By Jennifer Bigler
Ashley Sanders spends less than $10 a week in college.
“I make my own clothes. I will go to stores to see pants or shirts that I like and then I will go home and try to make them,” said Sanders, a 21-year-old philosophy and English major from Salt Lake City. “My roommates and I make decorations for the house from recycled material. I buy food that will last me a long time. Sometimes it is gross, but it”s cheap!”
Like Sanders, many college students find that a college life equates to a poor life. After purchasing expensive books, paying rent and making other payments, money can be sparse.
In a world of increasing student debt, BYU students find themselves forced to find creative ways to stay away from financial problems.
“I ride the bus instead of driving to save money,” said BYU law student Tory Christensen. “I also try to eat with freshmen so that they will buy me food with their dining plus. I always buy off brands when I go to the grocery store. That is something that I would have never done while living at home.”
Ninety-five percent of college students have credits cards, with an average of four different cards per student, according to statistics provided by the Nellie Mae organization. Of these credit card holders, 20 percent have debt ranging from $2,000 to $5,000. Six percent of undergraduate students have a debt greater than $15,000, according to Nellie Mae.
As a new freshman, Allen Frost, an 18-year-old from Flagstaff, Ariz., who has not declared a major, finds himself learning to live on a tight budget so he will not fall into the trap of college debt.
“I have learned that I cannot eat out anymore,” Frost said while waiting in a chair to get a hair cut at the BYU Barbershop. “I came here because I got a dollar-off coupon. No way would I have used a coupon at home!”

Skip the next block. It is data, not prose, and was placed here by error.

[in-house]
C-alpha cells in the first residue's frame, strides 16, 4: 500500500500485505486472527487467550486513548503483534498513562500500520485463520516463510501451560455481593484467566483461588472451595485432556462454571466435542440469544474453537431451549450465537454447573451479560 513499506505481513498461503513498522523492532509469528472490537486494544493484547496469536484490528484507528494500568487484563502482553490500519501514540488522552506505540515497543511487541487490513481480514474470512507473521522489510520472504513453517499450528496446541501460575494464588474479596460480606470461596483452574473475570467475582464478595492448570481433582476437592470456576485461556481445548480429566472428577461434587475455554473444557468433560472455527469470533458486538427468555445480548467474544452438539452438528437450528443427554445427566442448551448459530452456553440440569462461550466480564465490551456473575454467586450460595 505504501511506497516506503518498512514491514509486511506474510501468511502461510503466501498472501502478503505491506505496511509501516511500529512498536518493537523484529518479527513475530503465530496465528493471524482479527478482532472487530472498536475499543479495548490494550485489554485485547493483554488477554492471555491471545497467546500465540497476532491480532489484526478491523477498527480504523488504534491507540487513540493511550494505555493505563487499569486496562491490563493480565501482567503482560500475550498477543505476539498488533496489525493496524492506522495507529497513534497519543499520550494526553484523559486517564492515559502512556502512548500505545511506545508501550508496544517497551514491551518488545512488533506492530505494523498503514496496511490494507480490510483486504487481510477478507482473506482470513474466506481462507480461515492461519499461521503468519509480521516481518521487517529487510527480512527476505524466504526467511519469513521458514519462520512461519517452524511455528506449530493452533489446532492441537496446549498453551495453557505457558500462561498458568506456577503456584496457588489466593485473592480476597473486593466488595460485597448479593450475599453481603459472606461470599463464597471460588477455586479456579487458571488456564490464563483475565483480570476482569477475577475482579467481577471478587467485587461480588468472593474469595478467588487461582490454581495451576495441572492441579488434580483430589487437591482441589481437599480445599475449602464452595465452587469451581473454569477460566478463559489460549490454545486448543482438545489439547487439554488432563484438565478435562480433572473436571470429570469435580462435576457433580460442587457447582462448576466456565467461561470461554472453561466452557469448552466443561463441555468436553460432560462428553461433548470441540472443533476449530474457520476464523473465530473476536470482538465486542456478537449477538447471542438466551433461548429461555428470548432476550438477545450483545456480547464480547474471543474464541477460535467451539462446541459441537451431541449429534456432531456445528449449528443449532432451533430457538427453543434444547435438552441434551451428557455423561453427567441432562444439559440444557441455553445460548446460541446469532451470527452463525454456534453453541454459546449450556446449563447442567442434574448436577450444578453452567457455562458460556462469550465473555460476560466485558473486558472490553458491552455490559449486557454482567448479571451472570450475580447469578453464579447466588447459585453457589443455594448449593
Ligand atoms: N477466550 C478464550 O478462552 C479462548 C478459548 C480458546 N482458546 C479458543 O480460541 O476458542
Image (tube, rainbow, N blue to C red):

Frost finds it easy to save money by participating in the many cheap or free activities available to students.
“I rent golf clubs for free from the RB, which is great. My friends and I like going up to the canyon or Rock Park. I also really appreciate the whole dollar movie thing.”
Sanders said she believes coming up with cheap weekend activities only takes a little creativity.
“My friends and I are always doing the craziest things. We sometimes have ”anything but clothes” parties where everyone wears non-traditional clothing. This weekend we are going to wear white jumpsuits that we get for free from car mechanics and throw balloons filled with paint at one another.”
BYU provides students with cheap weekend activities such as dances, plays, bowling, the arcade, and movies at the Varsity Theater.
“It is easy to save money when you know about what the school has to offer. My friends and I have so much fun just doing fun campus stuff,” Frost said.
BYU”s financial aid office has tips for students on how to budget during college years.
-Create a budget plan for yourself.
-Find out what your spending habits are by keeping track of your expenses for one month.
-Group expenses into categories(food, clothing, insurance, transportation, household expenses, entertainment, savings, etc.).
-Evaluate priorities after the month and decide if changes in spending need to be made so not to exceed budget.
-Record all purchases and keep receipts from every month so not to overspend.
-Visit BYU financial aid office in the ASB for questions or finance counseling.